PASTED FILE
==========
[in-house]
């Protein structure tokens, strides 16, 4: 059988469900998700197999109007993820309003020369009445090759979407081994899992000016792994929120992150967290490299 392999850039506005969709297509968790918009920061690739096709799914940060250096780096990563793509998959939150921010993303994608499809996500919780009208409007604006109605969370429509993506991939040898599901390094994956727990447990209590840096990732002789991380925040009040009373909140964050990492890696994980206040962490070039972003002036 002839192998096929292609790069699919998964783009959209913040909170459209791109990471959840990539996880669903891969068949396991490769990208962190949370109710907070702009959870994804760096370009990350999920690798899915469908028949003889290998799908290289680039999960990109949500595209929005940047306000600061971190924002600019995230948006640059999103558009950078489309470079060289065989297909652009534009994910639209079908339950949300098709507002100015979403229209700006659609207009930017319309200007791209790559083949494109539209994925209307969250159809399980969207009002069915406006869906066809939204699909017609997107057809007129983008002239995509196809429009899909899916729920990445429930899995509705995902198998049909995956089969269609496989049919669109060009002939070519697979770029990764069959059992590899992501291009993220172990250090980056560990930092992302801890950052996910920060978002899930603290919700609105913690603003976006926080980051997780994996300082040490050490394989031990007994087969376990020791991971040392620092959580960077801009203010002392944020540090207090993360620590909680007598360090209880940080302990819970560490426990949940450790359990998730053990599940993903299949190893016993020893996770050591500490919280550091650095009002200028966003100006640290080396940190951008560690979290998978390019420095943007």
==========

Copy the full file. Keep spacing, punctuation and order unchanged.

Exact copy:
[in-house]
């Protein structure tokens, strides 16, 4: 059988469900998700197999109007993820309003020369009445090759979407081994899992000016792994929120992150967290490299 392999850039506005969709297509968790918009920061690739096709799914940060250096780096990563793509998959939150921010993303994608499809996500919780009208409007604006109605969370429509993506991939040898599901390094994956727990447990209590840096990732002789991380925040009040009373909140964050990492890696994980206040962490070039972003002036 002839192998096929292609790069699919998964783009959209913040909170459209791109990471959840990539996880669903891969068949396991490769990208962190949370109710907070702009959870994804760096370009990350999920690798899915469908028949003889290998799908290289680039999960990109949500595209929005940047306000600061971190924002600019995230948006640059999103558009950078489309470079060289065989297909652009534009994910639209079908339950949300098709507002100015979403229209700006659609207009930017319309200007791209790559083949494109539209994925209307969250159809399980969207009002069915406006869906066809939204699909017609997107057809007129983008002239995509196809429009899909899916729920990445429930899995509705995902198998049909995956089969269609496989049919669109060009002939070519697979770029990764069959059992590899992501291009993220172990250090980056560990930092992302801890950052996910920060978002899930603290919700609105913690603003976006926080980051997780994996300082040490050490394989031990007994087969376990020791991971040392620092959580960077801009203010002392944020540090207090993360620590909680007598360090209880940080302990819970560490426990949940450790359990998730053990599940993903299949190893016993020893996770050591500490919280550091650095009002200028966003100006640290080396940190951008560690979290998978390019420095943007």